Long-term care: Beshear said case numbers in long-term care facilities are down again, reporting 26 more residents and 34 staff testing positive for the virus, and 692 residents and 364 staff having active cases. He attributed six more deaths to Covid-19, bringing total deaths from the facilities to 2,160.
Beshear said that this improvement could be the result of vaccination, noting that some of the residents and staff are getting their second doses and that many of the staff who were initially hesitant are now signing up for the vaccine.
“I believe our long-term care residents are better protected today than they were before they got the first vaccination, and that’s why we prioritized them,” he said.
Memorial: Beshear honored the life of Jonathan Alexander, who was a team member of the Transportation Cabinet’s Office of Information Technology. He died at age 43 on Jan. 23 from surgery complications and Covid-19.
- The 69 fatalities were an Anderson County woman, 93; a Bath County woman and man, 90and 92; a Boyd County woman, 91; two Boyle County women, 76 and 77; a Boyle County man, 79; a Casey County woman, 90; four Daviess County men, 72, 80, 87 and 91; an Edmonson County man, 91; two Fayette County men, 57 and 80; a Fleming County woman and man, 101 and 73; a Graves County man, 79; three Hardin County women, 81 83 and 83; four Hardin County men, 53, 69, 73 and 89; two Harlan County women, 61 and 77; a Hart County man, 77; a Henderson County woman, 83; a Henry County man, 88; a Jackson County man, 83; three Jefferson County women, 75, 81 and 85; seven Jefferson County men, 62, 74, 77, 86, 88, 90 and 94; a Knox County woman, 83; a Lincoln County woman, 92; two McCracken County women, 77 and 80; a McCracken County man, 67; a Madison County woman, 80; a Marshall County man, 72; two Mercer County women, 80 and 95; an Oldham County woman, 83; two Oldham County men, 71 and 87; a Perry County woman, 71; a Pike County man, 59; a Pulaski County man, 64; a Rowan County woman, 80; a Shelby County woman and man 84 and 74; a Taylor County man, 77; a Todd County woman, 72; a Warren County woman, 74; three Washington County women, 69, 83 and 94; a Washington County man, 41; a Wayne County man, 63; and a Webster County woman and man, 89 and 71.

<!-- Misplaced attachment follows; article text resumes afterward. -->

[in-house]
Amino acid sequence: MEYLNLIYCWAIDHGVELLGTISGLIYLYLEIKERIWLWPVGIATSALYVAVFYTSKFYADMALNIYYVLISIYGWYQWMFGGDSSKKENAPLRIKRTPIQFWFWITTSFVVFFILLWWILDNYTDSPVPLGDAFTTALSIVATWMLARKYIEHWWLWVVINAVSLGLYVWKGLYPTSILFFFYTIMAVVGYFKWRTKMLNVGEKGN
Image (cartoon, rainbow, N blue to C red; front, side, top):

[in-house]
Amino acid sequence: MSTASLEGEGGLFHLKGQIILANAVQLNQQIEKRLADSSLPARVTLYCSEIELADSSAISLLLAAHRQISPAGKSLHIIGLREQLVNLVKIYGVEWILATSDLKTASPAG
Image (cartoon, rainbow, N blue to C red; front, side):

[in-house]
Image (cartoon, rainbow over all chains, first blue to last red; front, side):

- Only one county has an incidence rate of more than 100 new cases per 100,000 residents in the past seven days: Clinton, at 103.5.
- Counties with 10 or more new cases were: Jefferson, 433; Fayette, 218; Kenton, 138; Daviess, 104; Greenup, 104; Boone, 87; Hardin, 70; Madison, 70; Campbell, 67; Laurel, 61; Bullitt, 55; Warren, 52; Pike, 49; Jessamine, 44; Calloway, 39; Pulaski, 39; Boyd, 38; Barren, 34; Graves, Hopkins and Whitley, 33; Johnson and Knox, 31; Harlan, 30; Floyd and Nelson, 29; Shelby, 28; McCracken, 27; Christian and Marshall, 26; Bourbon, 25; Henderson, Meade and Scott, 23; Lincoln, 22; Anderson, Boyle, Grayson and Rowan, 21; Grant and Woodford, 20; Bell, Letcher and Taylor, 19; Franklin and Perry, 18; Harrison, Hart and Logan, 17; Metcalfe, 16; Leslie and McCreary, 15; Butler, Casey, Clay, Morgan and Wayne, 14; Carter, Clinton and Spencer, 13; Henry and Larue, 12; Allen, Fleming, Marion, Ohio, Oldham and Washington, 11; and Cumberland, McLean, Rockcastle and Russell, 10.
- Kentucky hospitals reported 1,561 patients with Covid-19; with 370 in intensive care; and 205 of those on ventilators. All those numbers were lower than the day before.
- The K-12 school dashboard shows that this week 950 students and 377 staff have tested positive and 4,750 students and 629 staff are quarantined; 388 schools have not reported any data this week.
- Two hospital readiness regions had intensive-care units above 80% capacity: Lake Cumberland, 93.3%, and and the easternmost region, at 86.8%. Northern Kentucky is at 81.92% overall hospital capacity.
- Amy Cubbage, Beshear’s general counsel, gave an unemployment update, and encouraged Kentuckians to reference a new “What You Need to Know” graphic to learn more about how to keep receiving benefits, or begin receiving them for the first time. Click here for the news release with an overview of the information she shared.